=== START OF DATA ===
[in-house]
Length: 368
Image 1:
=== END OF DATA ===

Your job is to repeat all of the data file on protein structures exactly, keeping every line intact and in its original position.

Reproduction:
[in-house]
Length: 368
Image 1: